Clarifying the learning objective can be used anytime-during group, free time, and even in routines, like meals and snack time. The important thing is to practice because it’s not something that comes naturally to most of us. Put up little reminder statements in your centers, write the objective on your board so you remember to tell the children what and why they are learning this, and practice with your co-teachers. You know that you have achieved success when your children can tell you what it was that they were learning.

30May/12Off

Quality Suitcase: What Would You Bring?

Brenda Hoge

Posted by Brenda Hoge

By

Brenda Hoge

Assessing quality in Early Childhood Classrooms is not new to many of us in Colorado. We have been assessing quality in many of our classrooms and family childcare homes for over 12 years, primarily through the use of the Environment Rating Scales (ECERS-R, ITERS-R, FCCERS-R). As Colorado begins building a new version of the Quality Rating and Improvement System (QRIS), it’s important to reflect on what we have learned along the way – and what challenges remain. So as I think in terms of packing my “Quality Suitcase,” these are some of the things I would bring along on this next adventure:

The Importance of Training: One of the first things we’ve learned with our involvement using the Early Childhood Environment Rating Scales (ERS) is that training before implementation is critical. Providing overview trainings for teachers, providers and Directors on the tools as well as more in-depth training for coaches was key to improving quality based on the tools because it gave everyone the “why” behind the indicators and assured everyone that they could pick and choose the indicators that they felt was important to implement in their program.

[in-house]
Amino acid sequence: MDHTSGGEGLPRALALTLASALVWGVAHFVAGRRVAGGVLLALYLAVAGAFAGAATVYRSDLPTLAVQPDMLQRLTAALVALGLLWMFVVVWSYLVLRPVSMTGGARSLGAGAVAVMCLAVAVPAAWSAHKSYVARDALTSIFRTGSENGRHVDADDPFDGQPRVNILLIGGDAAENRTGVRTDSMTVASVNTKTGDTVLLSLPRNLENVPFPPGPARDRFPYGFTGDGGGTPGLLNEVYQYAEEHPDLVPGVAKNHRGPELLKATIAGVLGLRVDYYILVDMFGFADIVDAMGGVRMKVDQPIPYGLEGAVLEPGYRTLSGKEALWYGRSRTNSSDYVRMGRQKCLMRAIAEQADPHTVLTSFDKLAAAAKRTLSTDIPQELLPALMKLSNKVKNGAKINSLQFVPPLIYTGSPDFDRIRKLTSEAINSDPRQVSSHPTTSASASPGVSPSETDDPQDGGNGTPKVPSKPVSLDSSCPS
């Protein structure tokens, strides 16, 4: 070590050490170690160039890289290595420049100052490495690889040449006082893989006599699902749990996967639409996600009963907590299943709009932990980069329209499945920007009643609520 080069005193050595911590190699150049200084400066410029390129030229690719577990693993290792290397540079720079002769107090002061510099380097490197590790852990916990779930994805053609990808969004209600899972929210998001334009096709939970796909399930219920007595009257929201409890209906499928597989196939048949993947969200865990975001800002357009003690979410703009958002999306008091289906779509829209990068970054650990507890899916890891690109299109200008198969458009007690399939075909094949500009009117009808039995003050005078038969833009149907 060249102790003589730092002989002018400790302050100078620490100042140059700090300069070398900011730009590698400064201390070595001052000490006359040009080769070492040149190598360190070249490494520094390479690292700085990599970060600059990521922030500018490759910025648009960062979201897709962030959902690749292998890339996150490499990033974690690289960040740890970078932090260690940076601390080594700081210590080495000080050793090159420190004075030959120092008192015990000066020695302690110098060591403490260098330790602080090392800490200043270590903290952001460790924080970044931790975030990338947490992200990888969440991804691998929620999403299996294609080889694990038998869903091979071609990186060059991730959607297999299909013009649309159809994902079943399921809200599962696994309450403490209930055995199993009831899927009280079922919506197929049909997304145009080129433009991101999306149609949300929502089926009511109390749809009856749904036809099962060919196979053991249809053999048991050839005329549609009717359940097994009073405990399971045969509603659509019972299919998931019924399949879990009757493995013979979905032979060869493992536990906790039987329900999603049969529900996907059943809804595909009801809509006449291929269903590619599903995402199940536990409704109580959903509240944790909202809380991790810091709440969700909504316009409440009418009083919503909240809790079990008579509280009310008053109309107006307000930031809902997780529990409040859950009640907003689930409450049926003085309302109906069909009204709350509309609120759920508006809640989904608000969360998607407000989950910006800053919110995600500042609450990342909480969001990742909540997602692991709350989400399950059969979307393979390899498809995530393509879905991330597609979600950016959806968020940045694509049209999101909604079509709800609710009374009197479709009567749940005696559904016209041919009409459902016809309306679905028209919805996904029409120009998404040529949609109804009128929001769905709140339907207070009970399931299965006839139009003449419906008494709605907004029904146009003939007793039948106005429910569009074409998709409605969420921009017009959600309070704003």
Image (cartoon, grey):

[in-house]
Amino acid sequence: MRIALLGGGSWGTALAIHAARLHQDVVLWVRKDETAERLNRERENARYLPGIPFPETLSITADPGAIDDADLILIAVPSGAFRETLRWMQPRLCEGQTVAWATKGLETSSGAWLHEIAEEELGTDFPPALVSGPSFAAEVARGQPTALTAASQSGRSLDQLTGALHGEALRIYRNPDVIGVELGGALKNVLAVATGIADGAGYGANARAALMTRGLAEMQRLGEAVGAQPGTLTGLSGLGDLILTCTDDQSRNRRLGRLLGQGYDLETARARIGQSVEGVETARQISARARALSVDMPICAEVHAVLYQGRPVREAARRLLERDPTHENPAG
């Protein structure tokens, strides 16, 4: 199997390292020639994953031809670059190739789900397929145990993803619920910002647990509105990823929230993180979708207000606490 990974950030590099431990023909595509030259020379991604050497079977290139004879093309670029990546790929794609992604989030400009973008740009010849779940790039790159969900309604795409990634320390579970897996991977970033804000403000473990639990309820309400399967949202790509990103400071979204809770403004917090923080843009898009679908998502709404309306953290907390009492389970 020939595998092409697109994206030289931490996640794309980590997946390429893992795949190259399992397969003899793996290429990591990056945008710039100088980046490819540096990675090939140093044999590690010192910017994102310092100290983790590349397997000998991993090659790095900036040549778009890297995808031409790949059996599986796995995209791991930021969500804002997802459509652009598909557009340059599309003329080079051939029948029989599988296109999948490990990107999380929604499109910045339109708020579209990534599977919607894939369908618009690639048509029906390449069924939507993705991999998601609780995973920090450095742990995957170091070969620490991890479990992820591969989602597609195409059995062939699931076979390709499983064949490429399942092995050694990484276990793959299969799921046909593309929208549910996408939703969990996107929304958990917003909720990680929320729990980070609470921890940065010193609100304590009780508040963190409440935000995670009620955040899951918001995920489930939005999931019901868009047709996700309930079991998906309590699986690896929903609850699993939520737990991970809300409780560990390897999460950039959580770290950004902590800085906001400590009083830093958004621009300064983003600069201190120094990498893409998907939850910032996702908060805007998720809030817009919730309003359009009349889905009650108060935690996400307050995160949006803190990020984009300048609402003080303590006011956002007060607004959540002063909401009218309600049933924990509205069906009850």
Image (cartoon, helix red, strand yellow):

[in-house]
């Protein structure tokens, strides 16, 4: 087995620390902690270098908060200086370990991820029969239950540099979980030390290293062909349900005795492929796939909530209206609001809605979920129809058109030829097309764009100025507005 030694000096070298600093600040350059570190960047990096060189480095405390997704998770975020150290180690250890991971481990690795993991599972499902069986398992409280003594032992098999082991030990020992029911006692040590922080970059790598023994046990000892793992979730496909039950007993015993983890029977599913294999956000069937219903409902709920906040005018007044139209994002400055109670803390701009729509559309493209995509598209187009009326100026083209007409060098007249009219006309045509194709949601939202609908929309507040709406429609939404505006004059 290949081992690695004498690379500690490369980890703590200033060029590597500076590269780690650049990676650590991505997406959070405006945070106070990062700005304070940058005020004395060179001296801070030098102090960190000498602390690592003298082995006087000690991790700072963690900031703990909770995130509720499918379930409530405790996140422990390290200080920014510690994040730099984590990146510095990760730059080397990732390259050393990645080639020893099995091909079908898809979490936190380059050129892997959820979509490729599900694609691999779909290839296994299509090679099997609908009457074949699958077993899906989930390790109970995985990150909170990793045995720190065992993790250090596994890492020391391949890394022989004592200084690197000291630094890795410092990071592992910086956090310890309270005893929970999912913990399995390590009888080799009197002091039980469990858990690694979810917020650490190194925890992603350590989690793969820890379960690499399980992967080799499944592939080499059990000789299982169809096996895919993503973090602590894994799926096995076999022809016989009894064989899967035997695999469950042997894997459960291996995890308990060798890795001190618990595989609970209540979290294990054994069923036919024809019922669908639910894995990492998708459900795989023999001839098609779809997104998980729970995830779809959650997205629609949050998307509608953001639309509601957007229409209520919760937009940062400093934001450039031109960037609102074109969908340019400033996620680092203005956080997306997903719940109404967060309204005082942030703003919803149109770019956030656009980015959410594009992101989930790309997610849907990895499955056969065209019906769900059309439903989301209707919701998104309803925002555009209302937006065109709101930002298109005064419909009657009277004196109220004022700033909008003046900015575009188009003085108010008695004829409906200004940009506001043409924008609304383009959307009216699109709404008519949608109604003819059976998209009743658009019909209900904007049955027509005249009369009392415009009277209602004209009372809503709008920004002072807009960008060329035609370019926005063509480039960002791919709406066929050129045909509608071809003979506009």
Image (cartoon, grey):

Coaching Support is Key: Another thing we learned along the way is the importance of coaches and their role in the “Improvement” part of this process. As some communities began using the Rating, their programs were getting money for materials based on their ERS scores but we weren’t really changing the quality. We also had TA services where someone would come in and help the program “get ready for the rating” which worked for the “month rating window” but it really didn’t help create lasting improvements. Centers and homes that have been provided with individualized coaching have focused on not just the “test” but rather on more introspection, goal-setting, and education, and again, quality in these programs has improved over time. As coaches have begun working with the Raters, it has become more of a unified support system for the program, which has been very beneficial.

Reliability equals trust: The third thing we’ve learned along the way is how important it is to have a reliability system for our Quality Ratings. As the Qualistar Rating has become more “high stakes” having well-trained Rating Specialists whose reliability is checked regularly has been crucial in building trust in the system. Yes, not everyone can be consistent 100% of the time due to the high variance in the types of programs Rating Specialists encounter, but by having highly reliable Raters, program disputes over the observation portion of the rating have decreased over time.

Incentives: Because child care is so expensive to implement at a “quality level” the fourth important thing is that we need to provide incentives for programs that participate. Whether the incentives come in the form of grants for staff training or coaching or whether it comes in the form of higher reimbursement rates, programs need support to make “quality” happen.